Obviously you're talking about a chassis dyno unless you intend to remove your engine for testing. All quality dynos will be relatively accurate. The most important thing is to realize that accuracy IS relative. The very same brand of dyno, operated by the very same person, with the very same cars will generally give you different readings on different days, even when weather correction factors are considered. If you go to different dynos, the degree of relative inacuracy will be more apparent. It's kind of like going to two different resturants. Even if they use the same ingredients, the food won't taste exactly the same.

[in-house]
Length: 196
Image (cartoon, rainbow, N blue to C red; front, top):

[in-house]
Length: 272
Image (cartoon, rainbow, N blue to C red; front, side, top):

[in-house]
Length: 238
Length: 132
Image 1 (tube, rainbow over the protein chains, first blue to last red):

That being said, the most important factor is the operator. A good one has a set procedure and follows it every time to give you the most reliable results. As for the price, you can consider $100 as a jumping in point. It all dpends on how much you want done and how much needs to be done to your car.
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Old 01-19-2006, 04:04 AM   #3
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I've got a question, which relates to the situation...I'm watching the Barrett (sp?) Jackson Auction, and there's a commercial that I've seen before, and never knew if it was real...

It's called the Gtech Pro, and claims to be extremely accurate on 1/4 mile times and speeds, 0-60 times, and hp and torque just by plugging into the 12 volt lighter plug...Anyone know how accurate this actually is?

http://www.gtechpro.com/accuracy.html

BTW This isn't an ad, and sorry for kind of hijacking your thread lol...